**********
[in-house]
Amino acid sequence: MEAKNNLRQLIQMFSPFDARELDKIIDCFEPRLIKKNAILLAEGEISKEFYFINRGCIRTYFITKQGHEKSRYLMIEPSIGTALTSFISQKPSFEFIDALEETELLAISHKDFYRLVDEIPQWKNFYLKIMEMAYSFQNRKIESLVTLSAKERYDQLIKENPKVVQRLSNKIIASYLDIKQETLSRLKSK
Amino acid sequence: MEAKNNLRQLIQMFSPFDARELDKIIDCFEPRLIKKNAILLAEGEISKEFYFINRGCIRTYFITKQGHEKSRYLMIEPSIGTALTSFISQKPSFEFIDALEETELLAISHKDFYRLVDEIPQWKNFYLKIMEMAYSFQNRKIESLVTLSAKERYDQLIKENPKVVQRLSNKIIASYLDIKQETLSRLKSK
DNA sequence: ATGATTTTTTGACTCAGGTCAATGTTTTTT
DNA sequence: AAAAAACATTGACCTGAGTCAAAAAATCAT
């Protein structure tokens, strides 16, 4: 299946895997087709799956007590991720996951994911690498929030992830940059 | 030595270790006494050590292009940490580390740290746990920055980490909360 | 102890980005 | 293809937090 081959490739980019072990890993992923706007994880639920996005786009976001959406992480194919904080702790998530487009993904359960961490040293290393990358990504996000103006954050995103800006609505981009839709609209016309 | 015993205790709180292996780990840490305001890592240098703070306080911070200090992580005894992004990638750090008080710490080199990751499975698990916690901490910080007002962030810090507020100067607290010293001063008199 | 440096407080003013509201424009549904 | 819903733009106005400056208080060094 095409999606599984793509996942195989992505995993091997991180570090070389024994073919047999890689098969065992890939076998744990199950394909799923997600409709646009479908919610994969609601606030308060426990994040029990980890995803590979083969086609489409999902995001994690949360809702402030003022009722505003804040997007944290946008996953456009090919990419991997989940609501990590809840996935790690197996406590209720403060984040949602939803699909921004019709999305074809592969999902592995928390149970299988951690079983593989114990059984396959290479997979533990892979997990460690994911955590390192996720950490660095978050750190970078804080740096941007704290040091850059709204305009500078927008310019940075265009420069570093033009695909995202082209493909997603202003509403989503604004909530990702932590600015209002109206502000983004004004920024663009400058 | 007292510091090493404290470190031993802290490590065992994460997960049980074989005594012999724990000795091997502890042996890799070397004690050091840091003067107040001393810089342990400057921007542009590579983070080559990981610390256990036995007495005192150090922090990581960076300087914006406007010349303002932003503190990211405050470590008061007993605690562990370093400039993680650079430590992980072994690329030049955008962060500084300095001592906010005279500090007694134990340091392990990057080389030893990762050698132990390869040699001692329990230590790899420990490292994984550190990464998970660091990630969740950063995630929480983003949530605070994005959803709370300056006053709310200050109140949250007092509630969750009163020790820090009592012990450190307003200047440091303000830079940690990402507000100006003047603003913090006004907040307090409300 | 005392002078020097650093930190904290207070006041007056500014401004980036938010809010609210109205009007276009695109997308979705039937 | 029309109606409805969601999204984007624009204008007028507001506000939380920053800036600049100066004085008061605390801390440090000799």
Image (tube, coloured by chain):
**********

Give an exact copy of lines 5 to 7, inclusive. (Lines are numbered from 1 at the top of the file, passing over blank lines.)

DNA sequence: AAAAAACATTGACCTGAGTCAAAAAATCAT
């Protein structure tokens, strides 16, 4: 299946895997087709799956007590991720996951994911690498929030992830940059 | 030595270790006494050590292009940490580390740290746990920055980490909360 | 102890980005 | 293809937090 081959490739980019072990890993992923706007994880639920996005786009976001959406992480194919904080702790998530487009993904359960961490040293290393990358990504996000103006954050995103800006609505981009839709609209016309 | 015993205790709180292996780990840490305001890592240098703070306080911070200090992580005894992004990638750090008080710490080199990751499975698990916690901490910080007002962030810090507020100067607290010293001063008199 | 440096407080003013509201424009549904 | 819903733009106005400056208080060094 095409999606599984793509996942195989992505995993091997991180570090070389024994073919047999890689098969065992890939076998744990199950394909799923997600409709646009479908919610994969609601606030308060426990994040029990980890995803590979083969086609489409999902995001994690949360809702402030003022009722505003804040997007944290946008996953456009090919990419991997989940609501990590809840996935790690197996406590209720403060984040949602939803699909921004019709999305074809592969999902592995928390149970299988951690079983593989114990059984396959290479997979533990892979997990460690994911955590390192996720950490660095978050750190970078804080740096941007704290040091850059709204305009500078927008310019940075265009420069570093033009695909995202082209493909997603202003509403989503604004909530990702932590600015209002109206502000983004004004920024663009400058 | 007292510091090493404290470190031993802290490590065992994460997960049980074989005594012999724990000795091997502890042996890799070397004690050091840091003067107040001393810089342990400057921007542009590579983070080559990981610390256990036995007495005192150090922090990581960076300087914006406007010349303002932003503190990211405050470590008061007993605690562990370093400039993680650079430590992980072994690329030049955008962060500084300095001592906010005279500090007694134990340091392990990057080389030893990762050698132990390869040699001692329990230590790899420990490292994984550190990464998970660091990630969740950063995630929480983003949530605070994005959803709370300056006053709310200050109140949250007092509630969750009163020790820090009592012990450190307003200047440091303000830079940690990402507000100006003047603003913090006004907040307090409300 | 005392002078020097650093930190904290207070006041007056500014401004980036938010809010609210109205009007276009695109997308979705039937 | 029309109606409805969601999204984007624009204008007028507001506000939380920053800036600049100066004085008061605390801390440090000799």
Image (tube, coloured by chain):